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Should I Write a Birth Plan?

should I write a birth plan?

Should I write a Birth Plan?

It is completely up to you.  It is not compulsory.

When we meet pregnant women, it is always interesting to see if they have any strong feelings about the kind of the birth they are hoping for or if they have a completely open mind.

Some women may have been advised that they will be having a Caesarean Section for some reason, others may have very strong feelings about NOT having an epidural whilst some mums insist that they do not want to feel even one split second of pain (and would like to have an epidural in the car park when they arrive at the hospital!)

We often meet women who have had a baby 2 weeks, 6 months or even 6 years ago who are still upset, angry or frustrated about the kind of birth that they had. Sometimes their antenatal teachers told them that they could just breathe and blow and out their baby would pop. Perhaps they did not learn about Caesarean Sections and so they fixated on the ideal of a natural birth and when things did not go “to plan” they were shocked, angry and disappointed that their body did not do what they felt it was supposed to do. Perhaps they had a quick and easy birth but then their baby had to go to intensive care and they were devastated they did not get the skin-to-skin time they had outlined in their Birth Plan.

One problem with Birth Plans is that sometimes the way they are presented is a bit like a room service menu. It can feel as if you can choose exactly what you want to happen. “Quick, painless and easy labour with no stitches please!!!”

But what we want to try and get across during the course of these classes is that you just cannot predict the kind of birth you will have. That might be a bit of a shock to read, but if you understand that the birth you will have will essentially be largely beyond your control then hopefully you will not set yourself up for disappointment.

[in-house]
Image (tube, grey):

What Should I Include in My Birth Plan?

In your last trimester, your midwife will probably encourage you to write a birth plan or at least to spend a little time thinking about your “ideal” birth.

  • Where you would like to give birth? At home? In hospital? 
  • Who you would like to be with you? Your partner? Your mother? Your best friend’s auntie’s neighbour’s sister?
  • Would you like to try a birthing pool ?
  • Would you like to have your baby in the Birthing Centre or in the Labour Ward?
  • Do you imagine that you would like Pain relief or would you like to try without?
  • When the baby is born would you like” Skin-to-skin” straight away or would you like the baby wiped and wrapped up and then handed to you?
  • What are your thoughts about the delivery of placenta? Would you like a medical or “physiological” delivery? 

You cannot predict the kind of birth you will have

For a more detailed discussion on Birth Plans please do come and sign up for our FREE Online Antenatal Classes.

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